Industry News | October 30, 2012
Kona Ice Thinks Small to Achieve Big Winter Results
As colder weather rolls around, many Kona Ice franchisees are winding down business for the season. But some are ready to make their shaved-ice truck a 12-months-a-year business—and with the new Kona Mini cart, they can.
Founder Tony Lamb says the new cart—which measures 68 inches long, 31 inches wide, and 60 inches high and is an exact replica of the brand’s iconic truck—was created with two purposes in mind.
First, the brand wanted to manage its fast-paced growth so that franchisees wouldn’t take on too much debt compared to return on investment.
Second, franchisees who built strong relationships with community organizations, schools, and sports teams wanted a way to continue their partnerships when events moved inside for cooler weather.
The cart comes fully equipped, includes hot and cold running water, and carries six of the brand’s top flavors. The Kona Mini package also includes its own trailer, locking system, and wench system to transport the 500-pound cart.
Though the brand tested the prototype last year by giving eight franchisees a cart to experiment with, Kona Ice now has more than 50 deposits for Kona Minis and is manufacturing carts as quickly as it can, Lamb says.
The franchising fee for Kona Ice operators—which includes a truck, territory, training, and start-up inventory—is $98,000. However, at just $19,880 for the complete Kona Mini package—which includes the cart, a trailer to transport it, and accessories like ice caddies, a canopy, flags, and other promotional pieces—the Mini is a steal for existing franchisees who want to economically expand their business.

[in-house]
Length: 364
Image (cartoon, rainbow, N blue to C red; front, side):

“We’re taking one-fifth of the price for a presence that has, in some cases, the same return on investment,” Lamb says. He adds that franchisees who operated the original Kona Mini prototypes have seen a 20–30 percent increase in overall yearly sales.
“We learned a lot about the business model and how the whole thing worked and what was the most profitable way to do it,” Lamb says about the prototypes. “What we were blown away by was the amount of revenue the Mini generated even in prime season.”
Though the Kona Mini may be an attractive offer for potential franchisees, the model is only available to existing operators.
“I don’t want to taint what’s already happened or go back on my promise, basically, which is, ‘This is the way the program’s going to work. You buy a franchise initially … that garners protected territory and product and then all the marketing that we bring to the table,’” Lamb says.
“It wouldn’t be fair for someone to be able to get right beside you for a fifth of the price, even if they got a smaller amount of territory,” he continues. “It’s not what we set out to do; it’s not what we originally told our franchisees we were going to do, so we’re going to stick to our guns and develop this way.”
By Mary Avant
Food & Beverage
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